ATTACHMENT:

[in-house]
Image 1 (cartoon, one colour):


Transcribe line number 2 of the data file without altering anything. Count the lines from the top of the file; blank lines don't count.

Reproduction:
Image 1 (cartoon, one colour):